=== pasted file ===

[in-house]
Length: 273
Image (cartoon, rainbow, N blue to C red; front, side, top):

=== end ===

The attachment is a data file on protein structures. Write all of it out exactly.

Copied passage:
[in-house]
Length: 273
Image (cartoon, rainbow, N blue to C red; front, side, top):